Wednesday, August 28, 2013

Bifurcated Student Commitment

In the first class session yesterday, there was a reasonably good discussion with perhaps a third of the students participating openly, this in spite of it being quite warm in the room.  Most of the rest seemed to be paying attention, if not joining in with their comments.  I was pleased by that.  But there were a few who seemed otherwise.  This post will focus on them first, then on a different group of students who seem eager but don't quite have the proper preparation.  

First let me note there was an outlier.  I passed around a sheet for registered students to check in and for students not yet registered to indicate their presence.  There were none in the latter category.  Several students who were on the list did not show up.  All but one of them dropped.  That one left had blown off the first class session.  So I emailed him about it to find out what was going on.  He responded that he did plan to take the course and would be in class on Thursday.  But he was still working on fixing his schedule and he had more pressing matters than attending the first session.  You can read that any way you'd like.  In my grand model of all things related to college students, if he had emailed me ahead of class and apologized but said he would have to miss the session, he would be in my good graces.  The way it played out he is not. 

Now to the disengaged students who did show up in class.  We are taught not to read a book by its cover.  True enough.  Yet body language does communicate.   These students, all white males, were slouching in their seats with a pained expression painted on their faces.  The message I got from glancing at them now and then was, "I'm tolerating this class, but just barely.  Either pick it up or I'm out of here."  We'll see if they are there tomorrow for the next class session.  Reflecting about this afterward, I had the feeling of being in a remake of Up The Down Staircase with me in the Sandy Dennis role.  The only thing missing from the original was the threat of violence.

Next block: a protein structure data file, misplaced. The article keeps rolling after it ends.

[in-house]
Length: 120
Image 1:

Peter Drucker makes a point that I strongly agree with - the active person in any communication is the receiver/listener.  The sender/talker may believe he has control, but the receiver/listener has the power to shut down intended communication. I'm sensitive on this point so when I'm the sender/talker I look for ways to learn whether I'm getting through.   Indicators, even if far from perfect, are helpful to make some appraisal of the situation.

For my online stuff, usage stats help give the picture.  But at the start of the semester there are some issues in relying on them.  At yesterday's first class session I failed to get the projector to see the signal from my laptop, so I didn't do my normal first day activity of giving a tour of the class Web site.  On Sunday I had sent each registered student an email with several relevant pieces of information, including the link to the class Web site and a different link to a survey done in Google Forms that I wanted them to complete before the first class meeting.  There was a little to do when I mentioned that email in class - apparently many of the students hadn't seen it yet.  Since that announcement several additional students completed the survey.  Indeed for two of them, the time stamp is for during the class session.  Yet there are still many students who haven't done the survey.  I can't tell whether that is because of their lack of commitment or because they don't do email but otherwise are committed.  If the latter is the case, I'm not sure what alternative to try.  The last time I taught the course it seemed that every student did check email.